When the clients contacted the Ombudsman, they had had several discussions with the bank, which had already compensated them in one aspect. They asked the Ombudsman to investigate the entire investment process and expressed the impression that the bank had advised them to make investments that were too risky for their needs. They had only hoped to make a small profit with these investments and had only wanted to take small risks.
It is not part of the Ombudsman’s duties to conduct such investigations, as actively looking for errors in a submitted dossier is not compatible with his role as a neutral mediator. The ombudsman procedure is basically conducted on the basis of the parties’ arguments. The Ombudsman therefore asked the clients to specify their allegations and, as a first step, to submit them in writing to the bank’s management together with their claims. At the same time, he gave them the following information on a bank’s possible liability in the context of an investment advisory relationship.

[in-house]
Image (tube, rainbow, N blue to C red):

In principle, the provisions of the law of mandates are applicable to investment advisory relationships. A bank may be liable if it fails to fulfil or insufficiently fulfils the duties associated with investment advice. In essence, these duties consist of recommending investments to the client that are compatible with his profile and informing him about the risks and the products in accordance with his knowledge. If it fulfils these duties, it is generally not liable for any losses. The risks associated with an investment, in particular the market risk, must in principle be borne by the client. For this reason, banks do not usually offer any guarantee of investment success. Investment decisions are based on estimates of future market developments. These cannot be reliably predicted even by the bank. Unless otherwise agreed, the agent in such a relationship therefore owes careful action, but not a certain success. If certain investment proposals or a proposed investment strategy do not appear to be obviously unreasonable, the conditions for liability are normally not met. The mere fact that the value of an investment suffers a loss is therefore not sufficient to prove a lack of diligence. In the case of portfolio advice, it must also be taken into account that individual securities in an overall proposal may well be riskier than corresponds to the client’s risk profile, provided that this is compensated for by other investments in the same proposal.